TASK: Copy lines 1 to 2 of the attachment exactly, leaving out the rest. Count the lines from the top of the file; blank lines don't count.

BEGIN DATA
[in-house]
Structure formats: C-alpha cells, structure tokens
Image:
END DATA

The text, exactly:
[in-house]
Structure formats: C-alpha cells, structure tokens